Dr M takes opposing stand to Najib’s policies

(Singapore Business Times) KUALA LUMPUR, July 22 — In a posting on his blog late Monday, former premier Tun Dr Mahathir Mohamad appeared to criticise Prime Minister Datuk Seri Najib Razak's economic liberalisation by coming out with a spirited defence of the country's affirmative action policies and claiming that the non-Malays, particularly the Chinese, were the real masters of the country.

Since he took over as premier in early April, Najib has begun rolling back affirmative action for the Malays, who form the country's majority, to boost investment and make Malaysia more competitive. The programme, known as the New Economic Policy (NEP), uses quotas, licences, restrictions and outright grants to lift the Malays into economic parity with the non-Malays.

In so doing, however, he has angered many Malays who have felt betrayed over his policy reversals and worried about falling further behind their richer countrymen.

In quick succession, Najib removed NEP restrictions from 27 service sub-sectors, liberalised financial services, and emasculated the Foreign Investment Committee, a powerful state body that could block deals if it felt that Malay interests were not being served. He also removed a decades-old requirement that mandated 30 per cent of an initial public offering's shares to be set aside for Malay interests.

More recently, Najib announced the setting up of a merit-based scholarship programme in what seemed to be an effort to appease the non-Malays who have long complained about being victimised.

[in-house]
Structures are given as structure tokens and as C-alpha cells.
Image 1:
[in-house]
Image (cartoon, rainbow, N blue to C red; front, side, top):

While Najib's efforts have been generally lauded by analysts and investors, the more right-wing Malays have largely perceived it as a capitulation by Najib to non-Malay demands following the disastrous showing of his ruling Barisan Nasional coalition in the last general election. The worry for Najib's allies is that Dr Mahathir's comments could provoke nationalist objections to Najib's reforms.

This is no idle threat. Dr Mahathir, 83, wields considerable influence in Umno, the political party over which Najib presides. And the former premier was largely responsible for cutting short the tenure of Najib's predecessor, Tun Abdullah Ahmad Badawi.

The former premier argued that 39 years after the NEP was introduced, the ethnic Malay share of the corporate pie remained at 20 per cent while the Chinese share was at 50 per cent although they consisted of only 26 per cent of the population. The Malays make up 64 per cent of Malaysia's 26 million people.

“The Bumiputera property holdings are only 15 per cent while the rest are held by non-Bumiputeras because urban property is worth more than rural property,” wrote Dr Mahathir.

“If they are honest, non-Malay leaders who put themselves in the shoes of the Malays will feel the disappointment of the Malays in seeing nearly all business and industry in the hands of the non-Malays,” said Dr Mahathir.

This is the second time Dr Mahathir has spoken out against government policy. A week ago, the combative former physician lambasted Kuala Lumpur's directive of stopping the teaching of science and mathematics in English and reverting to Bahasa Malaysia instead. Dr Mahathir had imposed the English ruling during his tenure.